In October 2011, when most politicians were doing everything they could to avoid speaking publicly about climate change, Sen. Sheldon Whitehouse gave a 23-minute speech on the Senate floor detailing the perils of carbon pollution.
"Virtually all of our most prestigious scientific and academic institutions have stated that climate change is happening and that human activities are the driving cause of this change," said the Democrat from Rhode Island. By failing to act, he warned, the Senate was "earning the scorn and condemnation of history."
Since then, Whitehouse has continued to address the issue, and over the past year has made a point of discussing climate change in weekly 20-minute speeches whenever the Senate is in session.
"We can, and we must leave a healthy environment and clean energy sources to our children and grandchildren," he said in his Jan. 25 speech. "The missing piece is Congress. Congress is sleepwalking through history. It is time to wake up."
Whitehouse, 57, is considered one of the most outspoken members of Congress on the need for climate action. He has voted against fast-tracking the Keystone XL pipeline and supports cap-and-trade policy. Last month, he and Rep. Henry Waxman (D-Calif.) established a bicameral climate change task force to encourage policy solutions.
But the weekly addresses, which are packed with scientific data and often made to an empty Senate chamber, put Whitehouse in a category all his own.
On November 15, he talked about Superstorm Sandy and the connection between climate change and extreme weather events. On Dec. 19, he praised a 350.org campaign urging universities to divest from the fossil fuel industry. He also regularly chastises climate skeptics for sowing doubt among the public.
"While the Congress of the United States has been distracted and deceived by these ploys, climate change marches on," he said on Dec. 5. "The laws of chemistry and the laws of physics don't care about the nonsense we're up to in this building ... Precious time is wasting. In the balance hang lives and jobs."
Last week, Whitehouse talked with InsideClimate News about why he persists with the speeches—and about the reactions he gets from climate skeptics in Congress.
InsideClimate News: What prompted you to start making regular speeches on climate change?
Sen. Sheldon Whitehouse: I wanted to make sure that the problem of carbon pollution, and what it's doing to our atmosphere and to our oceans, wasn't being swept under the rug here in Washington. It's an issue I think that the American people understand very well, but the special interests have a pretty tight grip on Washington and there was very, very little discussion about it. So I decided I would just make a point of doing this on a regular basis.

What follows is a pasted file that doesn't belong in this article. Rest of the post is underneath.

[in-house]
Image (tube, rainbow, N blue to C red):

The other thing that I've done ... fairly regularly, is organize groups of senators to come to the floor and talk about it in what we call colloquys [conversations]. I've had some very good ones with Al Franken, Bernie Sanders, Mark Udall, Barbara Boxer and others. So it's part of an effort to keep this issue alive and current in Washington.
ICN: How did you get interested in climate change?
Whitehouse: My early interest had a lot to do with Sandra, my wife, who is a marine biologist ... I remember one of the first wakeup calls I got was talking to one of her professors at the [University of Rhode Island's] Graduate School of Oceanography. This had to be easily 20 years ago. He was talking about the warming of Narragansett Bay, and it was just a few degrees. So I scoffed and I said, "You know, I can't tell the difference between 63 and 65 degrees when I jump in. That doesn't sound like it's a very big deal." And he said, 'Well, that's because you don't live in those waters ... This is an ecosystem shift happening."
And we've really seen that ecosystem shift happening. When Sandra was doing her graduate student research, she was studying the winter flounder in its infancy, in its larval stages, and how it interacts with a shrimp that is a predator of it. That was important research because the winter flounder was such an important cash crop for fishermen trawling in the bay.
When my wife was doing her research, it was one of the most important fisheries [in Rhode Island]. And now it's virtually gone—it's down I think nearly 90 percent, [and] it hasn't been that long in between: 25 years ...The water temperature in the bay is up 4 degrees, and it's not hospitable to them any longer.
ICN: What are some other examples of how climate change affects Rhode Island?
Whitehouse: I found what Rhode Island potentially faced in the Sandy disaster very concerning and motivating. We were very lucky. For all the damage that Rhode Island did sustain, it could have been immensely worse.
It's clear that we're going to see more of these big storms. It's clear that we're going to see them more frequently. And as the Ocean State, we are deeply vulnerable to it. So that was another significant alarm ringing. But really, once you're aware of what's happening, everywhere you look you start to see cause for concern.
ICN: Your speeches often cite breaking research on climate change. Where do you go for the science?